CBC's 'forbidden' words were frequently used by CBC executives

Although Canada's national public broadcaster has lectured citizens on implementing their version of proper language etiquette, documents reveal that CBC's own executives are guilty of using a few of their own 'banned' words.

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CBC's banned words were often used by CBC executives themselves.

Internal emails obtained through a proactively released access to information filing show state broadcast managers, including CEO Catherine Tait, using phrases like "brainstorm" even though a CBC article told Canadians to "rethink" having the words in their vocabulary.

CBC's scolding, hectoring article, titled "Words and Phrases You might Think Twice About Using" from November 2021 read:

“Have you ever casually used the terms 'spirit animal,' 'first-world problem,' or 'spooky'? It might be time to rethink your use of these phrases and remove them from your daily lingo.

CBC Ottawa compiled a small list of words, submitted by readers and some of our journalists who are Black, Indigenous and people of colour. We ran some of the words by anti-racism and language experts, who said some of these phrases can be hurtful to various groups of people for their historical and cultural context.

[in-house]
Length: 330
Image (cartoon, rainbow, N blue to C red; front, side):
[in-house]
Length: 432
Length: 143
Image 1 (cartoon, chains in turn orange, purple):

'Being an English speaker doesn't entail that you necessarily know the racist etymology automatically,' said Ai Taniguchi, a linguist and an associate language studies professor with University of Toronto Mississauga, in an email to CBC.'"

The list of verboten parlance, for those looking to self-censor, is as follows:

blackmail, blacklist, black sheep, ghetto, inner-city, spooky, sold down the river, grandfathered in, spirit animal, powwow, tribe, lowest on the totem pole, savage, gypped, gypsy, first-world problem, brainstorm, blindsided, blind-spot, dumb, lame, tone-deaf, crippled.

But, behind closed doors, when no one was watching, CBC executives were using at least some of the words they lectured regular people about throwing around in polite company.

CBC's American-residing CEO Catherine Tate on November 17th, 2021 used the phrase "brainstorm session" in an email to staff just 11 days before CBC scolded the country about saying it.

Communications on May 2021 show CBC employees discussing a new diversity and inclusion advisory committee. The managers once again used the "insensitive" term "brainstorm."

This is not the first time CBC has been caught not practicing what they preach.

CBC's Wendy Mesley admitted to using the "n-word" in staff meetings on two separate occasions after repeatedly calling others racist.

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